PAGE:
Kleefstra syndrome (KS) is a genetic disorder characterized by intellectual disability, childhood hypotonia, severe expressive speech delay and a distinctive facial appearance with a spectrum of additional clinical features.
The prevalence is unknown. To date, 114 cases have been described.
Patients with KS have a distinctive facial appearance comprised of brachy-microcephaly, midface hypoplasia, unusual eyebrow shape, synophyrs, cupid bow upper lip, full everted lower lip, protruding tongue and prognathism. With age, facial features become coarser and dental anomalies, like retention of primary dentition, are seen. Birth weight is normal but half of children go on to suffer from obesity. Childhood hypotonia causes motor delay but most children walk independently by age 2 or 3. Most patients have moderate to severe intellectual disability with expressive speech delay and little speech development (nonverbal communication is possible). Additional features include congenital heart anomalies (atrial septal defects, pulmonary valve stenosis and bicuspid aortic valve, ventricular septal defects), genital defects in males (hypospadias, cryptorchidism, micropenis), renal defects (hydronephrosis, chronic renal insufficiency, renal cysts, vesico-ureteral reflux), epilepsy, recurrent infections, severe constipation and hearing problems. In adolescence/adulthood behavioral problems (aggressive/emotional outbursts, attention deficit problems, self-mutilation and severe sleep disturbances) can begin. Autistic-like behavior can be noted earlier in some children. Recurrent pulmonary infections, overweight and behavioral problems seem to be reported more often in those with KS due to a point mutation, whereas microcephaly, short stature, respiratory complications and tracheomalacia are more frequently seen in those with KS due to a 9q34 microdeletion.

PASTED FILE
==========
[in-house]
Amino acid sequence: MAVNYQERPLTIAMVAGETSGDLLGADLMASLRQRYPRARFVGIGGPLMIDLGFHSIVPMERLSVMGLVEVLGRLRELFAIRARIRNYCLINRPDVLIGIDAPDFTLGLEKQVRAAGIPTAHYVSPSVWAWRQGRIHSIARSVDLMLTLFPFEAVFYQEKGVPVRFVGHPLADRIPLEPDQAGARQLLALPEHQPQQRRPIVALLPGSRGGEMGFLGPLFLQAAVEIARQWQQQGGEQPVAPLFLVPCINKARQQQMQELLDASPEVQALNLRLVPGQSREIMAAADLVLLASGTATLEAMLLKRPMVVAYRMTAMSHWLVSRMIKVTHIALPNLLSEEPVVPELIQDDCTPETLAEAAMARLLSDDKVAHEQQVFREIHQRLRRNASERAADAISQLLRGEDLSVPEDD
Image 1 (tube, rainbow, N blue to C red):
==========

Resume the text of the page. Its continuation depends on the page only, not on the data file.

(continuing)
KS is caused by either a point mutation in the euchromatic histone-lysine N-methyltransferase 1 (EHMT1) gene (rarely) or by a microdeletion in the chromosome region 9q34.3 (seen in >85% of cases), leading to the loss of the entire gene. This gene encodes an enzyme that modifies histone function and is essential for normal development. Larger deletions (>1mb) are associated with more severe symptoms.
Diagnosis of KS is determined by the presence of the characteristic clinical features and molecular genetic testing. A microarray detects any duplications/deletions. Fluorescent in situ hybridization (FISH) or multiplex ligation-dependent probe amplification (MLPA) can then be used to detect the specific 9q34.3 deletion seen in KS. Sequencing of the entire coding region of the EHMT1 gene can detect sequence variants.
Differential diagnoses include Down, Pitt-Hopkins, Smith-Magenis, Rett and 2q23.1 microdeletion syndromes (see these terms).
Antenatal diagnosis is offered to unaffected parents of a child with KS as they have a higher risk of having another child with this disorder.
Most reported cases have been de novo but familial recurrence has been seen. KS has a theoretical autosomal dominant transmission, but the majority of patients do not reproduce.
Treatment requires a multidisciplinary team, specializing in patients with intellectual deficiencies. Special education and vocational training along with speech therapy, physical and occupational therapy and sensory integration therapy are recommended from an early age. Standard treatment is necessary for those with renal, cardiac and urologic issues and for hearing loss. Psychiatric care along with behavioral intervention therapy may be needed. Cardiac screening (for the presence of arrhythmias) as well as intestinal and renal/urologic monitoring is recommended. Medical follow-up is life-long.
The prognosis of KS is variable but in most cases it is not a life-threatening disease.
Last update: August 2012